Israeli Startup Omnistream Improves Smartphone Streaming

Business
Omnistream

Omnistream Facebook pic

Omnistream is an Israeli startup that says it will make broadcasts – streaming – of videos from mobile devices much more efficient and have greater quality. Everybody watches all manner of videos on their smartphones and tablets that are available to stream, but have you ever thought about when you send out a feed yourself?

Everybody wants to be famous and hopes to go viral with one sort of video or another. Things have gotten so absurd that kids these days actually think that they can plan to have a career as so called influencers. They think that this is a real profession, and not just something that people accidentally fall into. After all, most of these influencers were already known for something before their Instagram and TikTok accounts gained millions of followers.

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But let’s say that you could expect to make a living doing this. Today, you need to upload whatever picture or video to a social media platform like Instagram. But someday soon you will be able to broadcast your own material from your very own mobile studio and do it all through the telephone.

And the same holds true for journalists. Just think of how much better all of those live feeds from around the world would be if they could improve the tech. This is where Omnistream comes in.

Founded in 2017 by CEO Hagay Avraham and Avi Sharir, Omnistream delivers a revolution in mobile journalism with what it calls an intuitive user-friendly app that is changing the way broadcasters and media enterprises operate worldwide. By leveraging the power of smartphones or a video encoder with embedded SIM cards (modems), the company says that it is able to provide a reliable cellular communication channel that significantly reduces the high costs of satellite broadcasting and eliminates the use of complex and heavy dedicated hardware.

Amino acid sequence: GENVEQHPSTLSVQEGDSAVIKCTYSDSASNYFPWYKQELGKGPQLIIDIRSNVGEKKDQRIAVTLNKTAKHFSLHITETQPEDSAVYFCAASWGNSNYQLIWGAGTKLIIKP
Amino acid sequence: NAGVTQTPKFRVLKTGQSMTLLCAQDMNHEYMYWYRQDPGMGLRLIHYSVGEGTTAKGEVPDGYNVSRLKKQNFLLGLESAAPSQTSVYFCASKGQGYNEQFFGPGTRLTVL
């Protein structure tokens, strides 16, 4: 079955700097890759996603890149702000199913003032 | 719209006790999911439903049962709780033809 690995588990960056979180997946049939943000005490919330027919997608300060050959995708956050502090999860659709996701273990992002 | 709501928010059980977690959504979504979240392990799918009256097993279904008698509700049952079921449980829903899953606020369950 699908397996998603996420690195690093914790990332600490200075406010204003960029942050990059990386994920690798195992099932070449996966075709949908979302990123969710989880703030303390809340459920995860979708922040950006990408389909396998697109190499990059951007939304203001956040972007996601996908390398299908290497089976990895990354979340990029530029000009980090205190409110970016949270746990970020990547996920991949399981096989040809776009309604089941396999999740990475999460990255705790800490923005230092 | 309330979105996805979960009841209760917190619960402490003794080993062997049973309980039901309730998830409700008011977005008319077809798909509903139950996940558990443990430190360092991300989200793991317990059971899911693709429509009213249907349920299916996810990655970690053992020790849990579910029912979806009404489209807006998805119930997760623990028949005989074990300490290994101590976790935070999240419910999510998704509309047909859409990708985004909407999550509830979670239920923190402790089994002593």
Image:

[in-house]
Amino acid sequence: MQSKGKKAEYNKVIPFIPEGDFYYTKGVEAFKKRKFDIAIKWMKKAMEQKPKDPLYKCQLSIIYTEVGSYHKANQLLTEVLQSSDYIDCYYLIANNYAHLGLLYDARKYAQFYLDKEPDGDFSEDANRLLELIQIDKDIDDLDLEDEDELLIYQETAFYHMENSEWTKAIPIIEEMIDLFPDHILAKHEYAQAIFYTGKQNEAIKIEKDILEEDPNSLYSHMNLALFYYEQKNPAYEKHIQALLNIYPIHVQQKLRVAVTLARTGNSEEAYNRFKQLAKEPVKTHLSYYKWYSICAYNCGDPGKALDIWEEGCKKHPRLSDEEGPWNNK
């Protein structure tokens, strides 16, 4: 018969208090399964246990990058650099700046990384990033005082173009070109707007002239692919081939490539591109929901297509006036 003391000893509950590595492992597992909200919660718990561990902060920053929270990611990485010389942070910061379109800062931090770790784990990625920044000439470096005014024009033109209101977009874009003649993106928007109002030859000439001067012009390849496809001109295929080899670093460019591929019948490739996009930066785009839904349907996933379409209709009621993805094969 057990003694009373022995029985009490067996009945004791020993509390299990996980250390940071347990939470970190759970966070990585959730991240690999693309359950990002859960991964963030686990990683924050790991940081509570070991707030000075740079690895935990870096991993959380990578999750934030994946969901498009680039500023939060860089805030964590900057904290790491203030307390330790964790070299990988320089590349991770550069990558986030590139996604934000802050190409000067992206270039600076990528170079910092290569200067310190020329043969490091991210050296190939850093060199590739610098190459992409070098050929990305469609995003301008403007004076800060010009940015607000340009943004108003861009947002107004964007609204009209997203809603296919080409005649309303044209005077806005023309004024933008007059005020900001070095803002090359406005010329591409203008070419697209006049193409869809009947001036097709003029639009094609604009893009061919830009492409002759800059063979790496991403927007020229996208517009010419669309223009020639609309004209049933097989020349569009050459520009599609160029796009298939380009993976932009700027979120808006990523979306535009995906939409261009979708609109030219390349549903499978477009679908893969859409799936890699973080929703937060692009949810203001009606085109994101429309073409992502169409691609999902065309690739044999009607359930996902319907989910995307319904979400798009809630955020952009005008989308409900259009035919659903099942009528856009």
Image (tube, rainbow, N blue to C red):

Its flagship app, the OS-Pro, can be deployed on-premise or in the cloud (eliminating the need for bulky equipment, on-site servers and lengthy contracts). After capturing video footage with a cellphone or an external video camera, OS-Pro automatically divides the data into packets which are sent to an on-premise or cloud-based server via secondary cellular modems (thus using multiple smartphones or the embedded SIM cards in a video encoder to share the uplink load and add resiliency). The single reconstructed data stream is then received in the broadcast center, ready for real-time broadcasting.

“We understood that institutional broadcasting bodies – the old television – is a disappearing world. In contrast, the cloud revolution, which has given everyone access to an ocean of information and resources, is merging with the smartphone revolution, which today offers unprecedented computing power,” said Avraham, CEO of Omnistream. “At first people were enthusiastic about SMS, then came photos on Facebook, followed by birthday videos. It is clear to us that the next step in evolution is live broadcasts. “

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